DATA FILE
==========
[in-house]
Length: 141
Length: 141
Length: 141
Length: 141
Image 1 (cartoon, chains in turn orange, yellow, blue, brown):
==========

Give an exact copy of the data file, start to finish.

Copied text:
[in-house]
Length: 141
Length: 141
Length: 141
Length: 141
Image 1 (cartoon, chains in turn orange, yellow, blue, brown):